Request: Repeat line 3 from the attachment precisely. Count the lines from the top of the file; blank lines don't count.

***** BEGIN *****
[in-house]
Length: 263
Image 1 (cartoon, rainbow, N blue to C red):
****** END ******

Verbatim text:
Image 1 (cartoon, rainbow, N blue to C red):